Thank you for your support this year and continue to keep being creative whatever you enjoy doing.Wishing you all a very healthy, creative and peaceful year for 2011.
I have been busy bottling peaches and apricots for the winter and will do some plums later. We all enjoy fresh fruit crumble/crisp during the long wet wintry months so this is my chore during the summer when all the fruit is abundant. Most of the fruit is grown in the Okanagon Valley here in B.C. The jars of fruit lined up in the larder look very pretty and I am always thankful when the job is finished. I sometimes give a jar of fruit as a gift and my friends are very pleased.
We enjoyed a quick trip to Oregon last week, literally a flying visit. We dropped off our daughter and her friend in Eugene then headed out to the coast. We stayed in Reedsport and travelled around the area going to Winchester Bay, Coos Bay and Cape Arago. We hired a dune buggy and went for a drive on the dunes near Coos Bay. My husband had a wonderful time driving me around the dunes but I was squealing most of the time because of the steepness of the dunes and the speed we were travelling. On the last day we headed up to Florence before collecting the girls from Eugene and heading back to Canada. We travelled the equivalent of the length of England at least once on our long journey over 600 miles in one day ! Thank goodness for knitting projects, some of which I was able to complete. Of course, I just had to go into the fantastic yarn shop in Coos Bay and yes, I bought some yarn!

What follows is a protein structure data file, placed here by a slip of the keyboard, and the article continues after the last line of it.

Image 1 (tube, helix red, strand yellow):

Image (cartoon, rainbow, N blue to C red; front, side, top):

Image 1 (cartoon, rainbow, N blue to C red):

My latest work is a lovely hand-knitted, lace-edged, wool shawl made with 100% Canadian yarn from Briggs and Little, a company in Nova Scotia. I chose a very pretty lilac colour and used two skeins to make this size which is approximately medium to large. I knitted the main body in garter stitch and finished the edge with my own lace design which is a combination of crochet and knit stitches but using knitting needles to do them both. I have a few smaller shawls in the making but would like to finish them with a lace edge so wanted to finish the larger one first. Now that I have worked out how to do the lace edge, I can get them all finished for my Fall sale.
I have done very little spinning since my last blog post but hope to start again as soon as I have knitted a baby gift for a friend who lives in Australia. I am thinking of knitting a little fruit cap; you know, the cute ones that look like strawberries and cherries. I made a pumpkin hat for my her first baby so think I will choose a blueberry hat for baby number two; they are both boys!